Five (Black and White) Photos in Five Days: From the Archives

Day #2: Before Surgery.

Randall had an extremely rare disorder called Maroteaux-Lamy Syndrome, also known as MPS, type 6. (I think. It's been years, and it might not be the disease.) This shot was from pre-surgery (one of many) at NYU medical center. It marked my first time in NYC, where I traveled specifically to document Randall and his family and this surgery. It's a touching and tense moment between mother and son.

Randall and mother just before surgery, NYU Medical Center, 1988-89.

Thanks for the nomination, Graham Howe. I accept.

Day #1: No More Coverups. This first is from a Freedom of Choice Act rally in Columbia, Missouri. I covered this as a graduate student at Mizzou. For this series, I'm going to post only images shot on film (no digital), and all from the archives of my photojournalism days. 

B&W challenge. Should you accept, post one B&W image each day for the next 5 days, challenging another friend to do same. I nominate, Raffaella Zurlo. 

©Eric O'Connell, 1992. Columbia, Missouri

ESMOA and Artists in Pinhole

At the El Segundo Museum of Art, the walls are covered with many of LA’s most influential graffiti and tattoo artist's work, for the installation, SCRATCH. This exhibit is for the public launch of the Getty Graffiti Black Book, a definitive survey, and collection on paper of more than 150 of LA's top graffiti and tattoo artists. Please find more info on the ESMoA site, http://esmoa.org. 

We were invited to shoot for our pinhole project during the installation by Eder Cetina (pictured below): artist, curator, museum installs, and all-around bad-@$$. (Thanks, Eder!)

Panorama of site with me and pinhole camera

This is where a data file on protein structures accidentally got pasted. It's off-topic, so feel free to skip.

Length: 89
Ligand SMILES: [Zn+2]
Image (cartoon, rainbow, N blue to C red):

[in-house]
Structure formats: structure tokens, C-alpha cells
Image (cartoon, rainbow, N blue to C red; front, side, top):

Panorama of site with me and pinhole camera

Stitched together, 3-panel, pinhole shot of the construction of the exhibition

Eder Cetina

lorum ipsum

Opening night of Scratch exhibit at the El Segundo Museum of Art.

Thanks Eva Crawford for the GoPro video!

Peter Cornwell, Director

I had the fortune of shooting director Peter Cornwell. He directed Hemlock Grove, episodes 3 & 6, Season 2 (live now on Netflix). Peter gained notoriety for his award winning stop motion short, Ward 13, and went on to direct the feature film, Haunting in Connecticut. Recently, Peter directed the short, Batman Evolution, garnering over half a million YouTube views. 

We shot in a shaded space of historic Angelus-Rosedale cemetery, in Los Angeles, CA, where many of Hollywood's early legends are buried, including Tod Browning (1880-1962), movie director and screenwriter known as "The Master of the Macabre."

We took in an old 8mm film projector, which Peter idly threaded while I set up. During the long exposures we were able to move him and he becomes a ghost as he joins the space, paying a bit of respect to the greats that lie in Angelus-Rosedale. In the final image on the main section of my site, he sits, sort of as homage with a projector aimed at the back of the nearest headstone, readying to watch a film – maybe it's one of theirs. 

It's not easy being the subject of a photo when you are used to being on the directing side of the camera, and being the excellent sport that he is, we had a great shoot, and he's a great subject. (Thanks!)

Peter Cornwell

Peter Cornwell